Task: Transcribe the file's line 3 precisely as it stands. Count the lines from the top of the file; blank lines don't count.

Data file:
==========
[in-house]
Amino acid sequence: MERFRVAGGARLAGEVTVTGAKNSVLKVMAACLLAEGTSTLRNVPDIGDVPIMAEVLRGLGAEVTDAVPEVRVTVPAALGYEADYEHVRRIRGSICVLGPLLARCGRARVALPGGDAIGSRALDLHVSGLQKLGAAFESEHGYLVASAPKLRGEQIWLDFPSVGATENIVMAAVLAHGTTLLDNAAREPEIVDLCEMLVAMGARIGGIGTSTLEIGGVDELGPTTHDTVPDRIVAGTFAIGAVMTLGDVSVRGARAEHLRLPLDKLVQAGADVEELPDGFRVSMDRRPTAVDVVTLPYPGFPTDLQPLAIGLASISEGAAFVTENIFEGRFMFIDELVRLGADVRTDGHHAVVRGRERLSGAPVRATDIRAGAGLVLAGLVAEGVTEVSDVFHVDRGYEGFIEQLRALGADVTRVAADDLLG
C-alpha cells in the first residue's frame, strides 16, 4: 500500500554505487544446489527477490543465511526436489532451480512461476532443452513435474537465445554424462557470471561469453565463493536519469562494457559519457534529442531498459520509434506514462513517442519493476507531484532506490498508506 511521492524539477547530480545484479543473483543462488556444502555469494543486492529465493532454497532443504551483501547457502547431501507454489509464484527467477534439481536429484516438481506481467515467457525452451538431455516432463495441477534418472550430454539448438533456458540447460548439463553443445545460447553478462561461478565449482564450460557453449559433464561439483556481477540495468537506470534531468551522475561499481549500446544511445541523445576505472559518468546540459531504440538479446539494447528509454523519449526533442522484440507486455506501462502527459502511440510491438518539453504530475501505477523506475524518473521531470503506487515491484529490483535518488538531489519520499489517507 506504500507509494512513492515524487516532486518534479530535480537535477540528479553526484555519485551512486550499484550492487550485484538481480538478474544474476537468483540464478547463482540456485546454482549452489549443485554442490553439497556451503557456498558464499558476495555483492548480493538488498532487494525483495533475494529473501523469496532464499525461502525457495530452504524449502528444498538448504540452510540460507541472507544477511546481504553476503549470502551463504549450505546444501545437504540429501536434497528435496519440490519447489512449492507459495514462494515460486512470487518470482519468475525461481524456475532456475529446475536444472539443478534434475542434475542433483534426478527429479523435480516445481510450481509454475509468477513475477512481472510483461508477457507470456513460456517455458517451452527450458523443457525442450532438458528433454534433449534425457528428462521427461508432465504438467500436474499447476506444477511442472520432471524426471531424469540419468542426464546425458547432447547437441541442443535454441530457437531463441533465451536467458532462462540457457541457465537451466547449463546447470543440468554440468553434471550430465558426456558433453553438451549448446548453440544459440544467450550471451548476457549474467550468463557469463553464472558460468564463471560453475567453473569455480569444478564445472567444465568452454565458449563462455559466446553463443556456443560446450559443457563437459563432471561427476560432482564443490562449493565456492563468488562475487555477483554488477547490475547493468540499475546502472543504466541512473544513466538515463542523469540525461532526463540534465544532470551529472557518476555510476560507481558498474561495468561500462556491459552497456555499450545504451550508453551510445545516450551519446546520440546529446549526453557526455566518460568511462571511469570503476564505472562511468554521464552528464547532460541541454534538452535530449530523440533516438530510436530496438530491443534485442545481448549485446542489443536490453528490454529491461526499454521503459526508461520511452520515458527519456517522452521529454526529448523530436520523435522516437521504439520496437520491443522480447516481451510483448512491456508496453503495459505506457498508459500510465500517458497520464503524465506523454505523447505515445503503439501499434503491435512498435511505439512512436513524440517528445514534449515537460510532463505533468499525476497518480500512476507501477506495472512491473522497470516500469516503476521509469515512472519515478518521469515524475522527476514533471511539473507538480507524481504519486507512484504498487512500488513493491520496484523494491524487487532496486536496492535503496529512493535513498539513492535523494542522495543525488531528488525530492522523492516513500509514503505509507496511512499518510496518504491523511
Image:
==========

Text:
C-alpha cells in the first residue's frame, strides 16, 4: 500500500554505487544446489527477490543465511526436489532451480512461476532443452513435474537465445554424462557470471561469453565463493536519469562494457559519457534529442531498459520509434506514462513517442519493476507531484532506490498508506 511521492524539477547530480545484479543473483543462488556444502555469494543486492529465493532454497532443504551483501547457502547431501507454489509464484527467477534439481536429484516438481506481467515467457525452451538431455516432463495441477534418472550430454539448438533456458540447460548439463553443445545460447553478462561461478565449482564450460557453449559433464561439483556481477540495468537506470534531468551522475561499481549500446544511445541523445576505472559518468546540459531504440538479446539494447528509454523519449526533442522484440507486455506501462502527459502511440510491438518539453504530475501505477523506475524518473521531470503506487515491484529490483535518488538531489519520499489517507 506504500507509494512513492515524487516532486518534479530535480537535477540528479553526484555519485551512486550499484550492487550485484538481480538478474544474476537468483540464478547463482540456485546454482549452489549443485554442490553439497556451503557456498558464499558476495555483492548480493538488498532487494525483495533475494529473501523469496532464499525461502525457495530452504524449502528444498538448504540452510540460507541472507544477511546481504553476503549470502551463504549450505546444501545437504540429501536434497528435496519440490519447489512449492507459495514462494515460486512470487518470482519468475525461481524456475532456475529446475536444472539443478534434475542434475542433483534426478527429479523435480516445481510450481509454475509468477513475477512481472510483461508477457507470456513460456517455458517451452527450458523443457525442450532438458528433454534433449534425457528428462521427461508432465504438467500436474499447476506444477511442472520432471524426471531424469540419468542426464546425458547432447547437441541442443535454441530457437531463441533465451536467458532462462540457457541457465537451466547449463546447470543440468554440468553434471550430465558426456558433453553438451549448446548453440544459440544467450550471451548476457549474467550468463557469463553464472558460468564463471560453475567453473569455480569444478564445472567444465568452454565458449563462455559466446553463443556456443560446450559443457563437459563432471561427476560432482564443490562449493565456492563468488562475487555477483554488477547490475547493468540499475546502472543504466541512473544513466538515463542523469540525461532526463540534465544532470551529472557518476555510476560507481558498474561495468561500462556491459552497456555499450545504451550508453551510445545516450551519446546520440546529446549526453557526455566518460568511462571511469570503476564505472562511468554521464552528464547532460541541454534538452535530449530523440533516438530510436530496438530491443534485442545481448549485446542489443536490453528490454529491461526499454521503459526508461520511452520515458527519456517522452521529454526529448523530436520523435522516437521504439520496437520491443522480447516481451510483448512491456508496453503495459505506457498508459500510465500517458497520464503524465506523454505523447505515445503503439501499434503491435512498435511505439512512436513524440517528445514534449515537460510532463505533468499525476497518480500512476507501477506495472512491473522497470516500469516503476521509469515512472519515478518521469515524475522527476514533471511539473507538480507524481504519486507512484504498487512500488513493491520496484523494491524487487532496486536496492535503496529512493535513498539513492535523494542522495543525488531528488525530492522523492516513500509514503505509507496511512499518510496518504491523511